1. Understand the legislation and your compliance gaps
As with any new legislation, you need to understand how it impacts your organization. CASL is no exception. Familiarize yourself with your compliance responsibilities under the Act—ideally in consultation with your lawyer and HR team—and determine which clauses are most likely to force a change in how you do business.
Then it’s time to identify compliance gaps with the legislation. But don’t panic—most SMEs will have to plug numerous gaps across their organizations, so you’re not alone. Carefully study your IT, sales and marketing processes and interview employees to map out their daily business practices. With this information in hand, you can begin taking steps towards full CASL compliance.
2. Seek express permission now
With that July 1 just a few days away, there’s simply no time to waste in obtaining consent from existing contacts. While you could use a customer relationship management platform to do the job, simple emails will also suffice. But remember—electronic messages indicating consent to receive further CEMs must be archived in the case of a challenge from the CRTC, another organization or consumer.
3. Update your policies
The only surefire way to comply with CASL and mitigate potential C-suite level liability is to draft comprehensive policies around the transmission of CEMs. That will literally involve prescribing how, when and to whom employees may send emails. But remember, these new procedures must be clear and simple to implement—or you face the risk of employee disengagement or non-compliance—and remember to include clear consequences for policy breaches.
4. Train your staff
The only way to successfully implement new policies and procedures across an SME is to provide extensive training to all employees—including managers. This should include the use of new software if your organization has introduced a CRM system to help it comply with CASL, as well as details on the legislation, its implications and how to flag areas of non-compliance. Once trained, employees should be required to indicate their understanding and agreement of these new policies in writing.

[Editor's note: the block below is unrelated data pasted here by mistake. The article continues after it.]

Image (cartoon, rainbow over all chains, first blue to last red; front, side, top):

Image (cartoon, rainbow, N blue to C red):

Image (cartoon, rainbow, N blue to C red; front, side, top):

5. Develop compliance metrics
Employees accustomed to performing tasks a certain way for a long period of time are prone to reverting back to their old ways. By developing metrics to measure and monitor compliance on an ongoing basis, while also conducting regular compliance audits, you can help your organization stay on the right side of CASL.
While this legislation may appear onerous, think of it as an opportunity for your organization to map out and even improve its IT, sales, marketing and business development processes. That means you have a chance to not only become a more efficient and innovative company, but also a faster growing and more profitable one. Just don’t wait; time is very quickly running out.
Laura Williams is an employment lawyer and founder of Williams HR Law in Markham, Ont. She has more than 15 years experience in providing proactive solutions to employers aimed at reducing workplace exposures to liability and costs that result from ineffective and non-compliant workplace practices.
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What, if anything, has your business done to prepare for CASL? Share your experiences below.